Overlay

Help I’m vegan, how do I get enough protein?

How do you get enough protein if you don’t eat meat?

Well, this was such a great question from one of my summer body challenge participants this morning that I felt I just had to give this some serious thought.

I’m here to reassure you that it’s not as hard as you might think to avoid meat and still get enough nutrition to support effective muscle growth and recovery.

There are many alternatives to meat that have similar amounts of protein so here’s a list of 37 vegan-friendly proteins that are as good as meat.


Access Marc’s Flexible Dieting Recipes
My new recipe book is now available to purchase and download as an eBook from the following link ==>

But before we dive into the selection of meat-alternatives, how much protein should you consume on a daily basis?

Depending on your training goals and activity levels, you should aim to consume between 0.8-2.0g per kg of body weight.

Sedentary adults will be at the lower end of the scale with bodybuilders and elite athletes at the upper end of the scale.

If you are focused specifically on fat loss, you want to be consuming at least 1.6g of protein per kg of body weight.

With so many tasty vegetarian options, there is plenty of variety to choose from, enjoy!

1 Soybeans

36.5g of protein (per 100g raw)

Soybeans are a source of eight of the essential amino acids, making it one of the best sources of plant-based protein. Soy is higher in fat than other legumes, however it’s mainly good fat (monounsaturated and polyunsaturated fats, including omega-3 fatty acids). Substituting saturated fat sources with unsaturated fats may help lower your cholesterol levels and reduce the risk for heart disease. Soybeans are also a good source of calcium (healthy bones + teeth), iron (prevents anemia) and magnesium (proper heart, muscle + immune function).

2 Hemp seeds

31.6g of protein (per 100g raw)

Hemp seeds have the perfect balance of omega-3 and omega-6 in each serving which promotes brain health, while also helping fend off diabetes + heart diseases. As a rich source of magnesium (heart health), zinc (immune system support) and phosphorus (strong bones), hemp seeds are a nutritional power house. They might not be as easy to find as other options on this list; however, you can find them at most health food stores. Although hemp is a variety of cannabis plant, the only “high” you’ll get from this seed is a nutritional one. Hemp seeds do not have any adverse affects, they are completely safe and legal to consume.

3 Pumpkin Seeds

30.2g of protein (per 100g raw)

Pumpkin seeds have high levels of magnesium, which helps lower blood pressure and prevents strokes, heart attacks + sudden cardiac arrest. They contain L-tryptophan, a compound that improves mood naturally as well as phytosterols which has been shown to reduce levels of LDL cholesterol. Pumpkin seeds are also a rich source of zinc, which plays a role skin health and strong immune system. Pumpkin seeds are an excellent food for improving your skin tone and for treating acne problems.

4 Peanuts

25.8g of protein (per 100g raw)

Peanuts can be considered to be a good part of a weight loss diet. They are a great source of manganese, which facilitates metabolic activity and helps the body to burn carbs. Eating peanuts also appears to be just as potent for preventing heart disease as eating other nuts. Since peanuts generally cost less than nuts like almonds and pistachios, people on lower incomes can reap the health benefits of nuts on a budget.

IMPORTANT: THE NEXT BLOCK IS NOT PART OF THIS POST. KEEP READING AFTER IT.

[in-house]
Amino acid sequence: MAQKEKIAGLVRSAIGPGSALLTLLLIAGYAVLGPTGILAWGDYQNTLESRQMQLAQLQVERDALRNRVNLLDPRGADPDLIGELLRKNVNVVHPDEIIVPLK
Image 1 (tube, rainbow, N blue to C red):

5 Seitan

24.7g of protein (per 100g raw)

Seitan has more protein than many meatless options as well as quite a few meats. It’s an excellent source of vegetarian proteins, with almost no fat and no cholesterol. Seitan can be a great substitute for meat in any recipe because of it’s texture and consistency. An important note is that this food is usually made from wheat gluten, so it’s not for people who are gluten intolerant or wheat sensitive.

6 Lentils

24.6g of protein (per 100g raw)

Lentils are a source vegetarian proteins that is cholesterol free, high in fiber, low in fat and low in sodium. Lentils have high amounts of thiamine which has an integral role in maintaining a healthy nervous system and folate which helps protect against developing heart disease, cancer, and dementia. Lentils are very versatile and can be used as a side dish, thrown into a vegetable mix, or even made into patties.

7 Kidney Beans

24.4g of protein (per 100g raw)

Kidney beans are an excellent source of folate which is important for good heart health and iron that is necessary to carry oxygen to tissue + muscle cells. These beans are a healthy choice since they are low in fat. They are excellent for individuals with diabetes or hypoglycemia since their high fiber content prevents blood sugar levels from rising too quickly after a meal.

8 Green Peas

23.8g of protein (per 100g raw)

Green peas are low in fat and sodium but high in fiber. They contain the antioxidants lutein and zeaxanthin, which keeps your eyes healthy. Both the fiber and lutein in peas improve heart health by lowering cholesterol and preventing the buildup of plaque along your artery walls. They also have vitamin C for a strong immune system. The vegetarian proteins and high fiber content in green peas helps with blood sugar regulation by slowing down how quickly sugars are digested.

9 Navy Beans

22.3g of protein (per 100g raw)

Navy beans are very low in saturated fat and sodium, and an excellent source of fiber. Although their name might make you believe they’re blue in color, they’re actually small white beans that are perfect for making baked beans. Navy beans are an excellent source of folate which keeps the heart healthy by lowering the risk of a heart attack or stroke and also plays a critical role in protecting the brain from diseases like Alzheimer’s and Parkinson’s.

10 Peanut Butter

22.2g of protein (per 100g raw)